Senior WHO official, Keiji Fukuda: "We will continue to see spread of the virus"
The swine flu virus has reached 160 countries and could infect two billion people within the next two years, the World Health Organization has said.
A senior WHO official, Keiji Fukuda, said the virus was still in its early stages and would continue to spread for some time.
Mr Fukuda said work on a vaccine was intensifying but safety could not be compromised by rushing the process.
The virus is thought to have killed almost 800 people in recent months.
Mr Fukuda, the WHO's Assistant Director General for Health Security, said the agency had been reporting only laboratory-confirmed cases, but that this was always going to be "only a subset of the total number of cases".
"Even if we have hundreds of thousands of cases or a few millions of cases, we're relatively early in the pandemic," he told the Associated Press news agency.
The situation in Australia, the US and Germany
"One of the things that is relatively clear is that we will continue to see spread of the virus; even though we are now three to four months into the pandemic, this is still pretty early into the overall period," he said.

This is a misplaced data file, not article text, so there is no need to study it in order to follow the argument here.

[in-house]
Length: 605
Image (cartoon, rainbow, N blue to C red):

Mr Fukuda said the WHO estimates two billion people, one third of the global population, could eventually be infected.
He said the figure was a reasonable prediction, based on analysis of previous pandemics, but that it was "really impossible to predict what the future will hold".
Mr Fukuda said officials and drug manufacturers were investigating how to speed up the process of developing a vaccine against the H1N1 swine flu strain.
But he said there could be no doubt over the safety and efficacy of the drug before it was publicly distributed.
"There is always a balance in this sort of situation. You of course want to get out vaccine and as much vaccine as possible, as quickly as possible. On the other hand there are certain things which cannot be compromised," he said.
"There are certain areas where you can make economies, perhaps, but certain areas where you simply do not try to make any economies."
The WHO says that in most affected countries, the majority of cases appear to be occurring in young people, around the ages of 12 to 17, although some reports suggest it is mainly older people who have required hospital treatment.
The organisation also said there was "accumulating evidence suggesting pregnant women are at higher risk of more severe disease".
But Mr Fukuda said the WHO "certainly has no recommendations on whether women should try to have children now".
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